LED stumps, another attempt to achieve perfection in marginal decisions
In an attempt to serve as an aid to umpires and spice-up spectator experience, the LED stumps have made their debut in international cricket in the on-going World Twenty20 tournament.
An Australia-based mechanical industrial designer Bronte EcKermann, who has got this patented, gestated the innovation, which was developed by South Australian manufacturer Zing International.
The Zing Wicket System is powered by low voltage batteries. Once the ball makes contact, the bails equipped with in-built sensor instantly glimmer – experiments have shown that it just takes a millisecond – and send a radio signal to the stumps that lights them up. A microprocessor in each bail detects when both spigots are dislodged from the stump grooves. A zing bail is slightly heavier than standard wooden bail, but lighter than the heavy bails used in windy matches, the official BBL account tweeted.
“My daughter was playing with a ball that lit up when it was thrown. I was hoping to produce something that would add value to T20 cricket. I was also excited about LED technology,” Eckermann recalled in an interview with the Indian Express.
Eckermann, a one-time batsman who represented Adelaide district, takes pride in the fact that the ‘Zings’ have never failed him nor have they been broken even though he experienced nervous moments when Lasith Malinga lasered in a series of yorkers against India during the warm-up game.
These stumps were introduced in a club game in Adelaide after three years of research. After convincing the country’s cricket board of their usefulness, they replaced the conventional wooden stumps in the 2012 edition of Big Bash League.
“These light up stumps are all about enhancing the spectator experience during BBL matches and ensuring that the BBL remains highly entertaining for the fans,” BBL Senior Manager Anthony Everard said after they were introduced.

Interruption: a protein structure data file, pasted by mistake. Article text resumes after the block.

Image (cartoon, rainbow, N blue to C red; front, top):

The International Cricket Council tested their use in the semi-finals and final of the U-19 World Cup in the UAE last month before introducing them in the World T20. The stumps are being used in several T20 competitions in New Zealand, Australia and the West Indies.
The technology is expected to aid close umpiring decisions in stumping and run-outs. If a batsman were to be caught short off his crease while effecting a stumping or a run-out, the bails have to be completely dislodged from the stumps.
Third-umpires, even after several replays in different angles, have been unable to conclusively decide when the bails completely come off leading to a long hiatus during a passage of play. This is where the flashing lights are expected to come to the umpire’s aid as the bails illuminate the moment they are dislodged.
EcKermann issued a funny warning against players grabbing the stumps as an expression of triumph over their opponents and taking them as a souvenir for they are ridiculously expensive. He has got 32 stumps and 40 bails for the tournament and will take all the equipment back, once the tournament is over.
“We have USD 40,000 worth of patented technology out on the field at each game and that is a lot of money. Each bail costs as much as an iPhone. We can’t afford to give them away to players at the end of a game,” Eckermann says.
But the rules can be bent for Dhoni, if he can manage to win the tournament, Eckermann remarked blithely.
“I know Dhoni loves keeping a souvenir stump. If India can win the final, I might get into some arrangement with Dhoni,” he adds.
As attractively as they are packaged, this again is a battle for millimetres, an illusive quest to achieve perfection in marginal decisions, something that has not only backfired in the past in Hawkeye, Snicko-meter, HotSpot etc. but have managed to avert the attention from the play itself with discussions hovering around the efficacy of the technology used.
Recent evidences suggest that the stumps could further debates about technological gobbledygook as their viability in the long-term were debated in the aftermath of a BBL game held this year.
The bails flashed lights as Melbourne Stars’ Tillakaratne Dilshan caught Sydney Thunder’s David Hussey short of his ground at the non-striker’s end. However, in an unprecedented manner the bails settled back into the groove, resulting in the dismissal being annulled. Ricky Ponting, commentating on television, expressed his shock saying he had never seen that happen with traditional bails.
Whether the technology is here to stay will be seen in the coming months when they are put to use in the Indian Premier League and future T20 tournaments.